Nevertheless, Captain Nowroz's decision to approach Gatwick with a view to landing there presented "no undue risk" and did not cause the accident. Instead, the cause was found to be a series of changes to speed, power and flap angle settings which were not in accordance with the airline's operating procedures and which took place in the last 15 miles (24 km) of the approach. At 0128, the aircraft picked up the ILS localiser beam, and the flaps were lowered in three stages as the aircraft's speed reduced. Soon afterwards, as it approached the ILS glideslope beam, its height and speed were reduced further and the undercarriage was extended. Then the Captain saw a light which he mistook for one at the far end of the runway—it was actually on a hill beyond the airport—and the "stabiliser out of trim" warning light came on. This had been faulty earlier in the flight, and the Captain disengaged the autopilot and the automatic glideslope tracker. At 0133, the flap angle was increased; the aircraft then began to fall below the approach slope and was travelling faster than the crew thought. Only when it reached a height of 400 feet (120 m) was an attempt made to gain height, but this happened too late.
The first three flap adjustments took place at higher speeds than recommended in the airline's procedures, although they did not exceed the Boeing 727's limits. The undercarriage was extended at too high a speed, and the next flap adjustment should have been done in two stages. The sudden change of angle caused the nose to pitch downwards and the aircraft to descend more rapidly than was appropriate for the conditions. The Captain and other crew members did not react to this for about 45 seconds, though, until about 300 feet (91 m) from the ground they applied full power and full up elevator to try to bring the aircraft up. The accident report states that during this 45-second period, they may have been preoccupied by looking for visual confirmation of their position, such as the runway lights.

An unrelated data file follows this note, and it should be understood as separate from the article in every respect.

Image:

The legislation prohibiting British aircraft from landing when the runway visual range was too short was extended in September 1969 to cover aircraft from all other countries when flying to airports anywhere in the United Kingdom.
- All times in this article are in Greenwich Mean Time, as used in the official accident report and in parliamentary discussions about the events. Most contemporary accounts put the events one hour later: for example the crash was said to have occurred at 0235.
- Ordnance Survey maps dated 1963 and 1973 indicate that the crash site was immediately on the Sussex side of the county boundary, which crossed Fernhill Lane about halfway between Donkey Lane and Peeks Brook Lane. The house demolished in the crash is shown next to the boundary line on the 1963 map, but on the later map only its grounds and former driveway are marked. In 1990, the boundary was moved further east to the eastern edge of the M23, bringing Peeks Brook Lane and all its buildings into West Sussex.
- This term, introduced in 1951, is defined as "the altitude specified in the [aircraft's] Operations Manual as the minimum height above airfield level to which an approach to land can safely be continued without visual reference to the ground."
- Kelly 1970, §1.14.
- Kelly 1970, Introduction.
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- Kelly 1970, §1.1.
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- Kelly 1970, §3.
- Kelly 1970, §1.5.
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- Kelly 1970, §1.3.
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- Kelly 1970, §2.1 (c)(i).
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- Aviation Safety Network – Accident description